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Hamas has agreed in principle to a truce with Israel, provided that indirect negotiations on a permanent ceasefire get under way as soon as the guns fall silent, sources who saw the group's response told The National on Wednesday.
Hamas is demanding a gradual Israeli withdrawal from the Gaza Strip, starting with the redeployment of troops outside urban areas, according to the sources, who confirmed that the group's response was sent to mediators on Tuesday night.
The sources also told The National that the group wants the reconstruction of Gaza completed within a timeline of up to three years, beginning with the repair of hospitals damaged in the fighting.
It also wants sufficient aid supplies to enter the besieged enclave to alleviate the suffering of its 2.3 million residents. Hamas said failure to fully implement any part of the deal would freeze the entire process.
Al Akhbar, a daily newspaper in Lebanon known to be close to Hezbollah, the largest of Iran's proxies in the region, had earlier published a version of Hamas's response.
The sources confirmed that the version published by Al Akhbar was identical to what the mediators received from Hamas.
Al Akhbar said Hamas's counter proposals envisage a three-stage truce of 45 days each during which indirect negotiations between Hamas and Israel get under way to reach permanent quiet, the group's term for a ceasefire.
Channel 13 cited a senior Israeli official saying that some of the demands presented by Hamas were not acceptable, without providing details.
Israel has repeatedly said it will not accept any deal simply to secure the release of the hostages. Sticking to its declared aim of eradicating Hamas, it has said previously that it has no intention of completely withdrawing from Gaza.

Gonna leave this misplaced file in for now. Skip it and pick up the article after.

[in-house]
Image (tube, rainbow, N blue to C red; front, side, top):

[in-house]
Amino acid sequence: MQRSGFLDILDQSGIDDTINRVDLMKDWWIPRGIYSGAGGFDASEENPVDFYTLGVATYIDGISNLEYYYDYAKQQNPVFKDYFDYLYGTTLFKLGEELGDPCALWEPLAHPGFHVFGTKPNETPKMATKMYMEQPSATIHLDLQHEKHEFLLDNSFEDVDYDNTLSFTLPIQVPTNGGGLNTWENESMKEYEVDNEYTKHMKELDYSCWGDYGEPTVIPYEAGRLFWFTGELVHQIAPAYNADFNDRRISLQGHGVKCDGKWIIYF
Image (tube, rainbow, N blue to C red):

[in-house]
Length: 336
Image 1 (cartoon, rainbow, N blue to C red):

Israeli Prime Minister Benjamin Netanyahu says the war will continue until “total victory” over Hamas and the return of all the remaining hostages.
US Secretary of State Antony Blinken met Israeli leaders on Wednesday, a day after Hamas sent mediators its response to proposals for a ceasefire in Gaza and a prisoner and hostage swap with Israel.
Mr Blinken, speaking in Israel on Wednesday, said more work was needed on the truce and hostage deal but voiced hope for success.
He also pleaded for more aid to war-battered Gaza.
"There are so many innocent men, women and children who are suffering as a result of the attacks perpetrated by Hamas and are now being caught in the crossfire of Hamas's making," Mr Blinken said.
"We all have an obligation to do everything possible to get the necessary assistance to those who so desperately need it, and the steps that are being taken −additional steps that need to be taken – are the focus of my own meetings here."
Mr Blinken met Mr Netanyahu on Wednesday after talks in Saudi Arabia, Egypt and Qatar on Monday and Tuesday.
"We're looking at it intensely, as is, I know, the government of Israel," he said as he met Israeli President Isaac Herzog.
"There's a lot of work to be done, but we are very much focused on doing that work, and hopefully being able to resume the release of hostages that was interrupted."